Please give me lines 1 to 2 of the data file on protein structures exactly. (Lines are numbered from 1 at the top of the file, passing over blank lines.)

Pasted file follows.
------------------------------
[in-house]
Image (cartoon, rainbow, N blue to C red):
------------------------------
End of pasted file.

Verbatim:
[in-house]
Image (cartoon, rainbow, N blue to C red):